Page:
As long as the coronavirus crisis is unfolding, labor unions will be forced to take central roles in it’s management. Even under normal circumstances unions have something to say on policy and professional issues, but in the absence of real leadership, they must be the last line of defense keeping the system from economic starvation and even collapse. 

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To put an end to the nurses’ strike, the Israeli ministers of health and finance agreed last week on the temporary addition of 2,000 nurses, and on the establishment of a joint team with the nurses' representatives to discuss long-term additions.

Health Minister Yuli Edelstein said about the process: “The health care system has been starved for years. Together with my friend, Finance Minister Israel Katz, we have worked to quickly correct the deep problems created in the system and significantly strengthen the treatment of corona. We have determined that health is above all."

Edelstein spoke to the nurses at the beginning of their strike: “I will be with you in your struggle. I have great appreciation for your wonderful, dedicated and vital work. The shortage of manpower is not just because of the coronavirus, it is an ongoing problem in the health system that has only intensified."

As we celebrate the minister’s support, it’s hard not to wonder at his reaction. The minister is correct in his claim that the problem of manpower in the system is not new. There is no shortage of reports from the Ministry of Health itself, which describe the consistent decline in the proportion of doctors and nurses per capita, and the dismal situation in relation to OECD countries. Just last year, a committee of the ministry issued the Tor-Caspa report, which presents concrete recommendations for improving the internal health departments, starting with a significant boost in manpower. To date, no plan has been put in place to meet these recommendations.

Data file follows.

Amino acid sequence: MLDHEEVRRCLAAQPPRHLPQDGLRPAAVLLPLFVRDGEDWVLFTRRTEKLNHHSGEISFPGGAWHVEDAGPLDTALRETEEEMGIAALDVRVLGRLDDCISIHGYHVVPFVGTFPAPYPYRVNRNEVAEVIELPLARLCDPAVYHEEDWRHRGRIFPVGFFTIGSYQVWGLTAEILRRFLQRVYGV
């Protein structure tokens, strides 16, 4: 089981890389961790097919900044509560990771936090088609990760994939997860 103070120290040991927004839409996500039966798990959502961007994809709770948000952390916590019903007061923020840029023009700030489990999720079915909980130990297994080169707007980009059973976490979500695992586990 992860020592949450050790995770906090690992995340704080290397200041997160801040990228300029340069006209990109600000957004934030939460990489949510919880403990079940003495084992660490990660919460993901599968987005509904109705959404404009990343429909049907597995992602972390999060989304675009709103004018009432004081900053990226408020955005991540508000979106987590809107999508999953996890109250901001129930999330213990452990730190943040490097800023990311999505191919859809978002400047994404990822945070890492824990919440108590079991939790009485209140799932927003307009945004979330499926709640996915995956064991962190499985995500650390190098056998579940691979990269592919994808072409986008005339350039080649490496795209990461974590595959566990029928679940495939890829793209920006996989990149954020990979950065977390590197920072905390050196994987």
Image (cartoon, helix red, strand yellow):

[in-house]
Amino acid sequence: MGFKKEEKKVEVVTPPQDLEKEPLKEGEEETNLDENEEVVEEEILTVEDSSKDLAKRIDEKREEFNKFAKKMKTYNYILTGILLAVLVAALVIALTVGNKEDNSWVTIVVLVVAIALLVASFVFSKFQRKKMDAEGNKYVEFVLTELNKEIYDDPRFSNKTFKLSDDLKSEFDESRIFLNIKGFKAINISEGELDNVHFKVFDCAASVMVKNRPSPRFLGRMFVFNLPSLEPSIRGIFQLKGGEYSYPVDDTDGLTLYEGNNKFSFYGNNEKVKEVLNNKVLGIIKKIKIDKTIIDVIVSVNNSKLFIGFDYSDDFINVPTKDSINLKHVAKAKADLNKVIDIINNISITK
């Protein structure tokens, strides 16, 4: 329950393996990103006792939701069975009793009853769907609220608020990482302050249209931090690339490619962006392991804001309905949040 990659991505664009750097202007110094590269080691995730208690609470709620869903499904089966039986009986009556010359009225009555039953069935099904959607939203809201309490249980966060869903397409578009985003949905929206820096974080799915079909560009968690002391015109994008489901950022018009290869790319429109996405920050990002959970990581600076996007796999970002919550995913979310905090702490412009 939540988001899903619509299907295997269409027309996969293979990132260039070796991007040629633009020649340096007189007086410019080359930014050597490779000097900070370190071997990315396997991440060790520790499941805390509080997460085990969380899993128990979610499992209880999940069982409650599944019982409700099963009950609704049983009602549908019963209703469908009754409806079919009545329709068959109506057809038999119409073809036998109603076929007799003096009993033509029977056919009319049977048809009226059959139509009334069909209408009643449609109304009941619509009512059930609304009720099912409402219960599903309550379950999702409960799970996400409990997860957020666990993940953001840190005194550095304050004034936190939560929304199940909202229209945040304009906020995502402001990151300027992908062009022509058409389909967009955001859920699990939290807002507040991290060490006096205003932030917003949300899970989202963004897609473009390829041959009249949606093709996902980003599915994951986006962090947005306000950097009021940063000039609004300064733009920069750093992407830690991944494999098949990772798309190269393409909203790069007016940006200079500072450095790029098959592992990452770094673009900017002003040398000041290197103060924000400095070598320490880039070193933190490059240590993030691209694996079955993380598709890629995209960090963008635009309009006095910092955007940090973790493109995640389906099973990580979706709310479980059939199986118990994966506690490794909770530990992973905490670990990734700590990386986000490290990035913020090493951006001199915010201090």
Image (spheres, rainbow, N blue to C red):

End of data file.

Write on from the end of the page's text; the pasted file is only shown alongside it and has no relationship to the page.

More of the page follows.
If Edelstein learned about the situation and needs of the healthcare system when he entered his position, and understood, as he said to the press, that it is necessary to add nurses, why did he wait until the nurses went on strike before approaching the Ministry of Finance with demands? Why didn’t he prioritize it as the first task of his position, to demand such necessary manpower adjustments from the finance ministry? 

The lab technicians, essential in the fight against corona as well as in the routine functioning of the healthcare system, are currently entering into negotiations with the ministry of finance. It is unclear as of yet whether the Minister of Health will even take part in these discussions.

Ester Admon, head of the union of lab technicians, warned of a serious crisis: an exodus of veteran workers and a lack of ability to recruit young workers. The reason for this is clear. The hourly wage for the job is less than 40 shekels an hour, for people with at least a bachelor's degree. Admon explains that she met with Yaakov Litzman, former Minister of Health, in 2016, after the critical report exposing issues in the system was published. Since then, no plan has been formed to solve this problem which threatens to close down the labs, nor has Admon heard from representatives of the department. 

"This is the responsibility of the Minister of Health, but everything looks like some backroom deal in a corner store,” Admon said. “We are talking about the management of an epidemic that caught the healthcare system unprepared. It’s the responsibility of the Health Minister to solve the problem of the laboratories, and he just doesn’t deal with the deeper issues. It looks like the responsible adult here is only the Finance Minister. But that department has a limited understanding of the health system. Where is the Ministry of Health?”

The interim budget of the corona fund is not the answer. The budget is for 10 billion shekel, of which 6.4 billion has already been spent. It cannot provide for the systemic changes that the health system needs. This kind of budget creates temporary and ridiculous solutions, such as bringing in students to interpret corona tests at a higher salary than the experts who train them. 

In Israel, the health budget stands at 7.5% of the GDP, compared with 8.8% of the GDP in OECD countries. In absolute numbers, this is a gap of $17 billion a year. No easy fix will close this gap. The Israeli health system needs someone to really fight for it, in emergencies and during routine. The workers cannot do it alone.